Asked for advice regarding a checkered resume, I drew on my own employment history and time spent in the 1990s doing a lot of resume writing and consulting.
Oh yeah -- and writers? This can be a very cool sideline. The advantage of being able to express yourself (or some other candidate) in addition to being able to design a nice LOOKING resume is a good one to have.
Anyway -- if your problem as a writer is a bunch of shorter-term jobs (this industry being what it is) here are some things to consider.
First, consider framing up your resume in terms of contract work: state in your cover letter you'd welcome either contract or permanent work, as you do an excellent job of making a difference for a company on a short term difference. (Cite examples).
I think the chronological format is okay. However, make your summary at the top (a paragraph about your strengths, I favor this approach) lists what you can do; focus on bullet points or swift summary of what you accomplished at each post.
Then at the bottom, where references are usually available on request, I might put a reference from each of several of the companies, to reinforce right there and quell fears: you didn't burn bridges, people would recommend you. (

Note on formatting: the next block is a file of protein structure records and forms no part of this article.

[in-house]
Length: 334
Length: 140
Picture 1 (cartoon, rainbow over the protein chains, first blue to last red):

For what it's worth, those are some ideas that might help. Also, be prepared to deal with questions about the short tenures. The best book on this that I've ever seen (and I've read a pile) is Martin Yate's Knock Em Dead - The Art of Getting the Job (he has a bunch, so be sure to get the general job finding one) as it has the 100 toughest questions prospective employers ask and how to ace them.
Also, if you can consolidate jobs, do so. For example, I have 2 media companies on my resume that I have worked for three times (!!!!) and one that have worked for twice. I'm not sure who that makes the glutton for punishment, them or me!
Instead of listing that as 8 jobs, I list it by company, with most recent responsibility first, and state the years I've worked there.
Also when you cull through old jobs, get rid of ones that took less than a year, if you can. So: Nov. 2006-present : McDonalds June 2006-Oct. 2006 : Burger King Feb. 2003 - December 2005 : Jack in the Box might end up looking like: 2006 - present: McDonalds 2003 - 2005: Jack in the Box
I know there are employers who feel disgruntled if you don't report EVERY job you've had, but if you had to support yourself with a second job waiting tables at Rudy's Lounge, you might not list it. It's your resume. Some employers ask for month and year on application form, which you fill out as needed of course.